A Monthly Meditation on Branding and Language
From Your Favorite Copy Shop, Editorial Emergency
#59 (June 2012): Modification Consternation
Well, we're back. Sorry about the disappearing act, but we had to put new batteries in our website. Thanks to those of you who stayed in touch via our Facebook page (kindly like us there if you haven't already). In this issue we cut loose the dangling participle; raise a shot to some brand new honky-tonk; and visit a Not Our Clients in intensive care.
Flash Card: Please Refrain From Dangling
"The voice of a generation, Dylan's albums hit the airwaves at a time when protest songs could actually influence the national discourse."
I was confronted by this sentence when I sat down to take a copyediting test that would determine whether or not I got a job as an assistant editor on a biographical reference series.
I understood that it was Dylan himself who was the voice of a generation, not his albums (though the distinction is subtle as Dylan's albums had everything to do with establishing that voice). So I changed the subject of the sentence from "Dylan's albums" to "Dylan" to make it work. (I got the job.) Which brings us to the dreaded "dangling modifier."
Read the rest here.
Round and Shiny: Andy Vaughan Finds the Song
My favorite happy accidents have been musical ones. During our epic Civil War field trip last year (yep, we're nerds), we were wandering through Richmond, Va., when a band flyer caught my eye. A be-Stetsoned dude was hoisting a double-necked guitar in the photo. That was enough for me.
So to our otherwise airtight itinerary was added an impromptu visit to a down-home nightspot called the Camel. The headliner featured on the flyer turned out to be from Van Nuys. But opening act Andy Vaughan & the Driveline was the honky-tonkin' pride of Richmond.
The party vibe of the Camel was fully percolating by the time Andy and the boys hit the stage. The liquor flowed, the pedal-steel wailed and by the end of the Driveline's set, we were fans.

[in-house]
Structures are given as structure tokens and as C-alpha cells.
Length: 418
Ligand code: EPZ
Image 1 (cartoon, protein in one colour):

Read the rest here.
Not Our Clients: Chamber of Horrors Edition
It's bad enough when an egregious mistake screws up a quotidian announcement, sign or story, evoking giggles instead of, say, the impulse to buy. But when such an error intrudes on a tragic tale, it's simply appalling.
It's a serious story; there's no need for hyperbole.
(Thanks to Esther Dyson for making sure we had one in the chamber.)
That should read "hyperbaric," of course. Spell-check likely Cupertino'd this ghastly humor — and nobody noticed. At the risk of appearing hyperbolic, that's an outrage. For other copy casualties, drive up to the Not Our Clients urgent-care unit.
Have you seen an item that left you breathless (in a bad way)?
. If we transfer it to our textual ICU, we'll send you an Amazon.com gift card, redeemable for a copy of The Oxygen Revolution: Hyperbaric Oxygen Therapy; the download of a relevant ER episode; or an installment toward the massive hardcover Hyperbole in English: A Corpus-Based Study of Exaggeration.
Editorial Emergency puts words in your mouth.
Assuming you're a marketer, creative, lifestyler, publicist, artist and/or do-gooder
who wants to connect and persuade.
We've worked for these kinds of clients on this kind of stuff.
In case of editorial emergency, break glass and call ...
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